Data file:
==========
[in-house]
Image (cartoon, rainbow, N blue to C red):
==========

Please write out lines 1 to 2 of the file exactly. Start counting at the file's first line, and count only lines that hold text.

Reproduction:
[in-house]
Image (cartoon, rainbow, N blue to C red):